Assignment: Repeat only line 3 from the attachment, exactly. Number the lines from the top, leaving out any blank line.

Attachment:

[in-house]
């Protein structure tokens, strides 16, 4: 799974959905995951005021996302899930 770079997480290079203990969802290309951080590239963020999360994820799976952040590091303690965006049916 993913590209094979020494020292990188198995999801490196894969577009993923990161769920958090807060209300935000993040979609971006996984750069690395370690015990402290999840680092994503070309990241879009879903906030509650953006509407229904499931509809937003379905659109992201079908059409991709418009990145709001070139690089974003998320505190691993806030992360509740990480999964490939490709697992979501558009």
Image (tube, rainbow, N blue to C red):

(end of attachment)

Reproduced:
Image (tube, rainbow, N blue to C red):